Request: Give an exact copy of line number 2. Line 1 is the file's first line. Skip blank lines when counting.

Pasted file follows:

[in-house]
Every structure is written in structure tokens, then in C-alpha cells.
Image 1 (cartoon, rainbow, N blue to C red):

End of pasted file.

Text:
Every structure is written in structure tokens, then in C-alpha cells.